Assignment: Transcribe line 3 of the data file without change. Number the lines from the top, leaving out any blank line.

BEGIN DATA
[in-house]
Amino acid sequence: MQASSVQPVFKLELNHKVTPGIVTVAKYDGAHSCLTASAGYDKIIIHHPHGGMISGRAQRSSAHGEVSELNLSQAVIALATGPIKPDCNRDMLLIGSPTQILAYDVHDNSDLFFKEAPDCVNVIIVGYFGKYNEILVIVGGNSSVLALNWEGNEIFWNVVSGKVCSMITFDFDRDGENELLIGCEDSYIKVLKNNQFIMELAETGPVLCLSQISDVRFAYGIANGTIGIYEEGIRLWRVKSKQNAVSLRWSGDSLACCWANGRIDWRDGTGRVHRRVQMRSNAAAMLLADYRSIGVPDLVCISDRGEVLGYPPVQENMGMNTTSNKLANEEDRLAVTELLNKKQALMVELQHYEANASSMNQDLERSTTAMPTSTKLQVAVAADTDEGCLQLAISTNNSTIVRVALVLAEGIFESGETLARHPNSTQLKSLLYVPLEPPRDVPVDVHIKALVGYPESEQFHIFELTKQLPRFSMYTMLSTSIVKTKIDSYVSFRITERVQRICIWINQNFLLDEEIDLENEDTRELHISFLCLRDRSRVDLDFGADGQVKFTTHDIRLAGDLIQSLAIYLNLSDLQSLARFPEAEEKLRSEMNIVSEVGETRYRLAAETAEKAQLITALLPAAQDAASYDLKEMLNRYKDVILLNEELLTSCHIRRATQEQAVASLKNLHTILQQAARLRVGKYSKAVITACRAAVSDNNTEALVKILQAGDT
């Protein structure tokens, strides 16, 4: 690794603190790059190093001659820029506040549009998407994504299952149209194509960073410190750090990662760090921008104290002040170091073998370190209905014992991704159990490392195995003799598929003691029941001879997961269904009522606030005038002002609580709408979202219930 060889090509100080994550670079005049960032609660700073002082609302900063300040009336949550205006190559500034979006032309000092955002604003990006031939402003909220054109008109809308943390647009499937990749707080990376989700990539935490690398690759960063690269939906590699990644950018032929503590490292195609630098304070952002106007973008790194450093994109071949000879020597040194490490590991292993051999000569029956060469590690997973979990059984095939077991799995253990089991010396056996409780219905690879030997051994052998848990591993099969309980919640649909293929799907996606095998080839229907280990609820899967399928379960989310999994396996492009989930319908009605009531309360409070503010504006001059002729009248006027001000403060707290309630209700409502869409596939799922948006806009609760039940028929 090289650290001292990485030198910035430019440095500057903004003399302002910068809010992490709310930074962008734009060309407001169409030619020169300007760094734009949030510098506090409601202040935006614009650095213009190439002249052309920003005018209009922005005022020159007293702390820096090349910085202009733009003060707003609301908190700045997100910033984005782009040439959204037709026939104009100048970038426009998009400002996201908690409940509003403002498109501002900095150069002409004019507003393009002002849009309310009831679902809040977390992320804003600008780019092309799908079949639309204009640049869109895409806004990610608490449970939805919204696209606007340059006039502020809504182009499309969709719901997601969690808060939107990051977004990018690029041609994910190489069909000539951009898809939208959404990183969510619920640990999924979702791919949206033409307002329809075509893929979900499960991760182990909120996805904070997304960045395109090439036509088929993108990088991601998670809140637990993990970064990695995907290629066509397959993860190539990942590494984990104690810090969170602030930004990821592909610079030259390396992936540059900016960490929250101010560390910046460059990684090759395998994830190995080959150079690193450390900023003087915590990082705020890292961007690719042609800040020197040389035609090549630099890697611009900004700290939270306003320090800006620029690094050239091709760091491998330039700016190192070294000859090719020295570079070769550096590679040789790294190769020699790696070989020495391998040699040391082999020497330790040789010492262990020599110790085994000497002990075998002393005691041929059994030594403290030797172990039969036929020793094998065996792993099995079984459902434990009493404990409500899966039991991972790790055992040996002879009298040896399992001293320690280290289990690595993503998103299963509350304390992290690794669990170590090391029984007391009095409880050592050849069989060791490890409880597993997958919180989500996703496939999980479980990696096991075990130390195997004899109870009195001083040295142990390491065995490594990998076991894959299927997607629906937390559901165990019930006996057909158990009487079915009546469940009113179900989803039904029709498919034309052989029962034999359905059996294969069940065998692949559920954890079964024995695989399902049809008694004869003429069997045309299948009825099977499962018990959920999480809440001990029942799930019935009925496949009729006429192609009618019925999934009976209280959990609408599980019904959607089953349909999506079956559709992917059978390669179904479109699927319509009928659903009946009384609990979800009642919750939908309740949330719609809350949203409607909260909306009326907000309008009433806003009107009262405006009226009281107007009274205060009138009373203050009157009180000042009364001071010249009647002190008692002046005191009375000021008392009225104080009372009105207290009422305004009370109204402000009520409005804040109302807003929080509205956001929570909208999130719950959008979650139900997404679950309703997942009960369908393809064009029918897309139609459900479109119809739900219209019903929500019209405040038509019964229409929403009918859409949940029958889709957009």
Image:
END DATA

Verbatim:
């Protein structure tokens, strides 16, 4: 690794603190790059190093001659820029506040549009998407994504299952149209194509960073410190750090990662760090921008104290002040170091073998370190209905014992991704159990490392195995003799598929003691029941001879997961269904009522606030005038002002609580709408979202219930 060889090509100080994550670079005049960032609660700073002082609302900063300040009336949550205006190559500034979006032309000092955002604003990006031939402003909220054109008109809308943390647009499937990749707080990376989700990539935490690398690759960063690269939906590699990644950018032929503590490292195609630098304070952002106007973008790194450093994109071949000879020597040194490490590991292993051999000569029956060469590690997973979990059984095939077991799995253990089991010396056996409780219905690879030997051994052998848990591993099969309980919640649909293929799907996606095998080839229907280990609820899967399928379960989310999994396996492009989930319908009605009531309360409070503010504006001059002729009248006027001000403060707290309630209700409502869409596939799922948006806009609760039940028929 090289650290001292990485030198910035430019440095500057903004003399302002910068809010992490709310930074962008734009060309407001169409030619020169300007760094734009949030510098506090409601202040935006614009650095213009190439002249052309920003005018209009922005005022020159007293702390820096090349910085202009733009003060707003609301908190700045997100910033984005782009040439959204037709026939104009100048970038426009998009400002996201908690409940509003403002498109501002900095150069002409004019507003393009002002849009309310009831679902809040977390992320804003600008780019092309799908079949639309204009640049869109895409806004990610608490449970939805919204696209606007340059006039502020809504182009499309969709719901997601969690808060939107990051977004990018690029041609994910190489069909000539951009898809939208959404990183969510619920640990999924979702791919949206033409307002329809075509893929979900499960991760182990909120996805904070997304960045395109090439036509088929993108990088991601998670809140637990993990970064990695995907290629066509397959993860190539990942590494984990104690810090969170602030930004990821592909610079030259390396992936540059900016960490929250101010560390910046460059990684090759395998994830190995080959150079690193450390900023003087915590990082705020890292961007690719042609800040020197040389035609090549630099890697611009900004700290939270306003320090800006620029690094050239091709760091491998330039700016190192070294000859090719020295570079070769550096590679040789790294190769020699790696070989020495391998040699040391082999020497330790040789010492262990020599110790085994000497002990075998002393005691041929059994030594403290030797172990039969036929020793094998065996792993099995079984459902434990009493404990409500899966039991991972790790055992040996002879009298040896399992001293320690280290289990690595993503998103299963509350304390992290690794669990170590090391029984007391009095409880050592050849069989060791490890409880597993997958919180989500996703496939999980479980990696096991075990130390195997004899109870009195001083040295142990390491065995490594990998076991894959299927997607629906937390559901165990019930006996057909158990009487079915009546469940009113179900989803039904029709498919034309052989029962034999359905059996294969069940065998692949559920954890079964024995695989399902049809008694004869003429069997045309299948009825099977499962018990959920999480809440001990029942799930019935009925496949009729006429192609009618019925999934009976209280959990609408599980019904959607089953349909999506079956559709992917059978390669179904479109699927319509009928659903009946009384609990979800009642919750939908309740949330719609809350949203409607909260909306009326907000309008009433806003009107009262405006009226009281107007009274205060009138009373203050009157009180000042009364001071010249009647002190008692002046005191009375000021008392009225104080009372009105207290009422305004009370109204402000009520409005804040109302807003929080509205956001929570909208999130719950959008979650139900997404679950309703997942009960369908393809064009029918897309139609459900479109119809739900219209019903929500019209405040038509019964229409929403009918859409949940029958889709957009």